Remote work and hybrid work schemes have changed the way companies need to secure and configure their networks. Digital nomads travel the world and log into the company network to work remotely. Remote workers also split their time between the office and home. This is the new normal! That said, the need to have a secure network is paramount. In this regard, the Remote Authentication Dial-In User Service or RADIUS protocol offers you a more secure network.
RADIUS helps you use your self-managed credentials instead of a single sign-on password shared by many. In this article, you’ll learn about the RADIUS protocol and how it can benefit your company.
First, let’s learn what RADIUS is.
What Is the RADIUS Protocol?
RADIUS is a centralized network protocol that can authenticate users connecting to your network. This protocol primarily aims to check credentials. Then, it either allow or deny access to the network. Before we get into how it works, let’s define its components.
Components of RADIUS
RADIUS consists of 3 main components:
- Client: a lightweight program that asks you for your credentials and then forwards them to the RADIUS server for validation.
- Network Access Server (NAS): a gateway between the user outside and the network.
- RADIUS Server: the server that validates credentials. It can also conduct time tracking and assess connection details.
How Does RADIUS Authentication Work?
The below diagram shows how a user can authenticate with a RADIUS protocol server. Let’s walk through the 6 steps of authentication:
- User attempts to authenticate with a Network Access Server (NAS)
- The NAS requests a username and password from the user
- User adds credentials
- RADIUS client sends the encrypted credentials to the RADIUS server
- RADIUS server provides a response
- Client acts on services associated with accepting or rejecting the scenario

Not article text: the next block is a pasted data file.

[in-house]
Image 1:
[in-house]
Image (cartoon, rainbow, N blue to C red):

Let’s also take a look at the 2 kinds of authentication models RADIUS uses.
1. Password Authentication Protocol (PAP)
The RADIUS client passes the remote user’s credentials to the authentication server. If correct, the server grants the user access to the network. Conversely, if incorrect, the server denies the user access to the network.
2. Challenge Handshake Authentication Protocol (CHAP)
CHAP is more secure than PAP because it relies on the client and server, which uses an encrypted shared secret. The encryption also gives it a leg up over PAP. Additionally, you can set it up to randomly check the credentials. If something changed mid-session at that random check, the user would be disconnected from the network.
With these models in mind, RADIUS also works with Wi-Fi. Let’s consider that next.
How Does RADIUS Work with Wi-Fi?
The RADIUS protocol can make Wi-Fi more secure by using the same authentication methods to connect to Wi-Fi rather than a network. So, instead of connecting to the Wi-Fi router, the authentication passes to the RADIUS server to validate credentials. In this way, you have a third party doing the authentication to sign into the Wi-Fi. This process will allow you to have various login credentials besides a single password.
RADIUS protocol has many advantages but it also has some drawbacks. Let’s chech them next.
Pros and Cons of RADIUS Authentication